5 ways to break a lease

Amy on
cutting lease agreement

Let’s say life’s thrown you a curve ball -- be it a great one (a proposal or promotion) or a not-so-great one (an illness, layoff or breakup) -- and you need to leave your current apartment, but you’re not sure what your options are. You’re not alone; in fact, most folks don’t read every line of fine print in their rental agreements even though we all know we should. That’s why we’ve decided to shed a little light on the choices that may be available to you in the event you need to split, and fast.

At Moveline, we’ve worked with a variety of people moving for a wide array of reasons, and suffice it to say, we’ve run into the question of how to break a lease more than a few times. So, we’ve put together a helpful list of 5 tactics you can take to get out of your rental contract legally and with as little hassle as possible.

1. Find a termination clause

The first thing to do when you think you may need to break a lease is look for any termination clauses in your lease contract. While most landlords and property managers don’t go over these with any level of detail, it’s probable that termination language is included somewhere on the document. Depending on your reason for vacating, you might be able to get off scot-free with the appropriate amount of notice, given the fact that you lost a job, got transferred at work, had a medical issue or some other circumstance that’s clearly outlined in the clause. If so, be up front with your leasing office and put it in writing. A contract’s a contract, and you should be able to move without consequence.

2. Negotiate, negotiate, negotiate

If there’s not a termination clause, or if your particular situation just isn’t covered by one, it’s possible you can simply talk your way out of your lease. While the odds are slim that you won’t lose your security deposit at best (and perhaps quite a bit more in the worst case scenario), it couldn’t hurt to ask. If the property is in such high demand that there’s a wait list (let’s say you’ve got a rent-controlled unit in a desirable neighborhood in New York City, for example), you just may be in luck with a bit of politeness and some finely-tuned negotiating skills. If not, however, you may still have other options.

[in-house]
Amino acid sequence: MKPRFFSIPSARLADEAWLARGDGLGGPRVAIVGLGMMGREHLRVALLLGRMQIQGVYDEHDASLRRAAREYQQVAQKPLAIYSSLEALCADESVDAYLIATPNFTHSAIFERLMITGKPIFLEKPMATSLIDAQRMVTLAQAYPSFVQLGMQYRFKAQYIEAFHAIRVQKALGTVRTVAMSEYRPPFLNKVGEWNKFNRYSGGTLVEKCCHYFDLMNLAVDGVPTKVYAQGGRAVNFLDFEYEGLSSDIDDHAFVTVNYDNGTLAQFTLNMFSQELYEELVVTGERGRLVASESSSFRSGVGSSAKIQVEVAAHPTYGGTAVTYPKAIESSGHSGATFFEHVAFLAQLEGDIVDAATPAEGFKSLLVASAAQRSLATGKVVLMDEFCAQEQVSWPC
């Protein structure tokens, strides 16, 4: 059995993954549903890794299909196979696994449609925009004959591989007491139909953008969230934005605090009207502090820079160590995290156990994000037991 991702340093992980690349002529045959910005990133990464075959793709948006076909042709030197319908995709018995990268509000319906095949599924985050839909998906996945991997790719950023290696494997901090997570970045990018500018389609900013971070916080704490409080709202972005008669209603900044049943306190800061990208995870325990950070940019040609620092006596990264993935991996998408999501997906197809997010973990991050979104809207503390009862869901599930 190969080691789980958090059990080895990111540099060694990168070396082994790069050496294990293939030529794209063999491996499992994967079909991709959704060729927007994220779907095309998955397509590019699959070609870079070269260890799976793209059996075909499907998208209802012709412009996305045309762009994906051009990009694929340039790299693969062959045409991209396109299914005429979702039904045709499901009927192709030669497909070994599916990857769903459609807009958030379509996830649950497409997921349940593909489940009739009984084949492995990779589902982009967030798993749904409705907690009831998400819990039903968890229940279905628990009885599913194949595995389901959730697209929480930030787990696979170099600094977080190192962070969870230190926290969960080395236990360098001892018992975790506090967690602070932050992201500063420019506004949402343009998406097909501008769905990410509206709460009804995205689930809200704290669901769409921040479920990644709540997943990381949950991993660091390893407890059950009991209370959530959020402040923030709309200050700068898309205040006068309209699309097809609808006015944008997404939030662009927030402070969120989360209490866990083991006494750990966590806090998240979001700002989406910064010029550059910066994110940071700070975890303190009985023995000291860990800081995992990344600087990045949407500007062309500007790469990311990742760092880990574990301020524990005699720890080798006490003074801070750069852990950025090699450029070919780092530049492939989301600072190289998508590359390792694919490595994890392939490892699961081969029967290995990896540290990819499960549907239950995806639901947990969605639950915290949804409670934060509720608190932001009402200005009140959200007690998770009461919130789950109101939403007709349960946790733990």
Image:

3. Find someone to sublet

Subleasing agreements are like snowflakes: it seems no two are truly alike. Check with your leasing office to see if they’ll allow you to sublet in the first place; if not, you’re barking up the wrong tree, but if so, you may be a Craigslist ad away from packing up your stuff. Be sure to review the terms of the subletting clause carefully to see what responsibilities you’ll still have once you’ve moved out and a new renter has moved in under your old contract.

4. Lose the security deposit

If there’s no termination clause that speaks to your circumstances, subletting your place isn’t an option, and no amount of sweet-talking is going to get you out of your lease without penalty, you may still have a bit of negotiating power if you’re willing to spread your remaining fees out over a payment plan. If, say, you’re terminating your lease two months early and genuinely can’t continue to pay the same rent at the same rate once you’ve gone, it’s possible you may be able to split it up into four payments, perhaps through a direct debit arrangement to give the landlord peace of mind that he or she isn’t being taken for a ride. And if you’re lucky, you can get out of your remaining payments altogether and simply lose your entire security deposit (plus cleaning and renovation fees if you leave the place a mess).

5. Take it on the chin

If all else fails, consider using credit cards or whatever means necessary (again: legally, of course!) to pay off your remaining balance once you’ve vacated the space. Simply refusing to pay will set into motion an unpleasant series of events, including stern, intimidating calls and letters from debt collectors -- not to mention a considerable blow to your credit score and the potential difficulty of getting approved for a future lease elsewhere. By all means, do what you can to pay your fees in full as quickly as possible and sustain a minimal amount of damage to your financial future.

Regardless of how you’re moving or where, let Moveline help reduce the headache. At no charge to you, we’ll assign you a Move Captain to help you inventory your stuff and get fair, accurate quotes from reputable, licensed movers. Then, we’ll oversee your move every step of the way to make sure it runs as smoothly as possible. So don’t go it alone. Let Moveline help. Start planning your move with us by visiting our homepage and learning more about what we do.